March 18, 2024 3 min read

Sleep problems are fairly common. Studies show that an estimated 20-40% of the general population is affected by some type of sleep disturbance [1], like insomnia, excessive sleepiness, restless leg syndrome, or sleep apnea. 

Many factors can contribute to this. Stress, mental illness, health issues, aging, and psychostimulants are just some examples. But a less talked about but probable cause of some cases of sleep problems is food allergies and other adverse reactions to food.

Can Food Allergies Disrupt Sleep?

Very likely, and that’s because your gut and brain are tightly connected.

There’s evidence that people with poor dietary habits and chronic digestive disorders sleep less or have unrefreshing sleep [2]. Poor sleep is also known to worsen digestive disorders. 

This can be explained by the two-way interaction between the gut and the brain, known as the gut-brain axis. The gut and brain are interconnected through nerves, hormones, and immune cells, allowing the brain to influence digestion and the digestive tract to affect mood, cognition, and sleep. 

When it comes to food allergies specifically, the same reasoning applies. 

A study on psychiatric patients with sleep problems noted that those with a food allergy had significantly worse sleep [3]. The researchers suggest that inflammation that follows an allergic reaction to food can be the cause of sleep disturbances. Food allergies activate mast cells, which can lead to inflammation of the nervous system. Common allergens can also trigger the release of adrenaline and other stimulant neurotransmitters that disrupt sleep.

Food Allergies and Sleep Apnea

Food allergies can contribute to all kinds of sleep problems, but what about sleep apnea?

According to one large study, high-inflammatory diets were more likely to worsen sleep apnea symptoms [4]. This study suggests a link between low-grade inflammation and worsening sleep apnea symptoms. The same thing holds true for food allergies as these lead to inflammation in the body. Some theories suggest that food allergies can increase mucus production in the airways, making breathing during sleep difficult. 

The only research that has found a possible link between the two disorders involved small children. The study recruited children under 3 years of age with habitual snoring. The study found that children with a diagnosed food allergy (usually cow’s milk) were more likely to be habitual snorers by their first year [5].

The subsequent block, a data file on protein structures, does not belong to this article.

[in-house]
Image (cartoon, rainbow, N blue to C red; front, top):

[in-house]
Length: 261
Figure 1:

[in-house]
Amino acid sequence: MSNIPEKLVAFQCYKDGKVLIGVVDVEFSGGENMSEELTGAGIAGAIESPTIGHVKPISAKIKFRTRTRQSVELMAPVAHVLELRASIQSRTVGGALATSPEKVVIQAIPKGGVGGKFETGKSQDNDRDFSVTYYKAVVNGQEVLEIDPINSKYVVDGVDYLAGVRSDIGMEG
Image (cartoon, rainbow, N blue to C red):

If you suspect you have either sleep apnea or a food allergy, it’s important to contact a health professional. Untreated, both problems can worsen and become life-threatening. Food allergies can lead to anaphylaxis in some — which is a severe reaction to an allergen that can be fatal if not treated. With sleep apnea, your sleep quality can suffer and result in chronic health problems, like high blood pressure, insulin resistance, obesity, and depression. 


  1. M. Ohayon M. Epidemiological Overview of Sleep Disorders in the General Population.Sleep Medicine Research (SMR).2011; 2(1): 1-9. Published online: Apr 30, 2011

  1. Vernia F, Di Ruscio M, Ciccone A, et al. Sleep disorders related to nutrition and digestive diseases: a neglected clinical condition.Int J Med Sci. 2021;18(3):593-603. Published 2021 Jan 1.doi:10.7150/ijms.45512

  1. Gomi C, Yokota Y, Yoshida S, Kunugi H. Relationship of food allergy with quality of life and sleep in psychiatric patients.Neuropsychopharmacol Rep. 2022;42(1):84-91.doi:10.1002/npr2.12231

  1. Liu Y, Tabung FK, Stampfer MJ, Redline S, Huang T. Overall diet quality and proinflammatory diet in relation to risk of obstructive sleep apnea in 3 prospective US cohorts.Am J Clin Nutr. 2022; 116(6):1738-1747.doi:10.1093/ajcn/nqac257

  1. Kongmeesook, C, Sirivimonpan, Suratannon, N, et. al. The Association Between Food Allergy and Habitual Snoring in Young Children.Journal of Allergy and Clinical Immunology. 2015; 135 (2).

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